A Western remake of Akira Kurosawa's Seven Samurai, this is a great example of a movie that pays homage to an original rather than stomps all over it. Yul Brynner, Steve McQueen, Charles Bronson, James Coburn, Robert Vaughn, Brad Dexter and Horst Buchholz are the seven gunmen hired to protect a village in Mexico from bandits led by the mean and nasty Eli Wallach. Three sequels followed, and while this didn't get a great reception on its original release, it is now rightly regarded as a true American classic.

Ocean's Eleven

The original 1960 heist movie was really an excuse for Frank Sinatra and his Rat Pack pals Sammy Davis Jr, Peter Lawford and Dean Martin to whoop it up in Las Vegas for a few weeks. Steven Soderbergh's 2001 remake has an equally starry cast - George Clooney, Brad Pitt, Matt Damon, Andy Garcia, Julia Roberts, etc - and glitzy location, but also benefits from a tricksy little plot and witty script as Danny Ocean (Clooney) and his gang decide to simultaneously rob three of Vegas's biggest casinos.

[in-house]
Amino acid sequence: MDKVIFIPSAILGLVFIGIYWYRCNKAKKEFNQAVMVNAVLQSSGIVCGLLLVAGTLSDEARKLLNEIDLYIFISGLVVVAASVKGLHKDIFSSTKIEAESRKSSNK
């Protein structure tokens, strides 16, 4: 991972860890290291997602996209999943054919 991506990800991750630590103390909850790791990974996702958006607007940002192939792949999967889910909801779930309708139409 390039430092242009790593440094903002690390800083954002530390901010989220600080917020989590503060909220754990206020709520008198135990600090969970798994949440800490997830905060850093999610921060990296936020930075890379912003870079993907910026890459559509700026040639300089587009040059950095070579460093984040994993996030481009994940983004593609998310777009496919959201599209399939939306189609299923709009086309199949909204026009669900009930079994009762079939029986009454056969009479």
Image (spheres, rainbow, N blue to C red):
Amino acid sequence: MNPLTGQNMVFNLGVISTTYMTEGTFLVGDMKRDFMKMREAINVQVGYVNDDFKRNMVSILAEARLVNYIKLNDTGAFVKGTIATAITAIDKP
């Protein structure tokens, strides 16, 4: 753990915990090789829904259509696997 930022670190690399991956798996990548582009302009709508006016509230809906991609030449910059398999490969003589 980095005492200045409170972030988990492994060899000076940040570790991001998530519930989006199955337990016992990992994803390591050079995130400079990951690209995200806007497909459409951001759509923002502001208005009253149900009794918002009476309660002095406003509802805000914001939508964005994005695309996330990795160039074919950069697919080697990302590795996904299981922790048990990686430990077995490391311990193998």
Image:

Four of the worst

Psycho

Why would you want to remake one of the most famous chillers of all time, a 1960 classic directed by the master of suspense Alfred Hitchcock? And, even more bizarrely, film it virtually shot-for-shot as the original? Well, Gus Van Sant thought it was a good idea in 1998, updating the time setting (and filming in colour) and drafting in Anne Heche, Julianne Moore and Vince Vaughn, who had the unfortunate task of trying to fill Anthony Perkins's shoes as the infamous mummy's boy Norman Bates. The critic Leonard Maltin called it "completely pointless" and "an insult" to the original. He was being nice.

Sabrina/Love Affair